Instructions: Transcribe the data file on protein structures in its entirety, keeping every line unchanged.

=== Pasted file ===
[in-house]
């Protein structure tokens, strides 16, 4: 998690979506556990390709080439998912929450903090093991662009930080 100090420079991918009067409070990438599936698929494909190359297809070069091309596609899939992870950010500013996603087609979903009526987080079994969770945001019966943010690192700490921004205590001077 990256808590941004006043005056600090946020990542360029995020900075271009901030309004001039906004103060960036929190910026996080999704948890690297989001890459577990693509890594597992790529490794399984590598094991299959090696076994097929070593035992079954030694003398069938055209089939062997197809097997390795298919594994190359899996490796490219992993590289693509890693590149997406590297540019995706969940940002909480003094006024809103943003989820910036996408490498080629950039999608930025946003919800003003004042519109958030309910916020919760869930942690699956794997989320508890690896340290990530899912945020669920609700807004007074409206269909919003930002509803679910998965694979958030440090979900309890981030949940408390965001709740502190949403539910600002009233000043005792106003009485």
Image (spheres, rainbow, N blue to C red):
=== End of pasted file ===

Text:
[in-house]
């Protein structure tokens, strides 16, 4: 998690979506556990390709080439998912929450903090093991662009930080 100090420079991918009067409070990438599936698929494909190359297809070069091309596609899939992870950010500013996603087609979903009526987080079994969770945001019966943010690192700490921004205590001077 990256808590941004006043005056600090946020990542360029995020900075271009901030309004001039906004103060960036929190910026996080999704948890690297989001890459577990693509890594597992790529490794399984590598094991299959090696076994097929070593035992079954030694003398069938055209089939062997197809097997390795298919594994190359899996490796490219992993590289693509890693590149997406590297540019995706969940940002909480003094006024809103943003989820910036996408490498080629950039999608930025946003919800003003004042519109958030309910916020919760869930942690699956794997989320508890690896340290990530899912945020669920609700807004007074409206269909919003930002509803679910998965694979958030440090979900309890981030949940408390965001709740502190949403539910600002009233000043005792106003009485």
Image (spheres, rainbow, N blue to C red):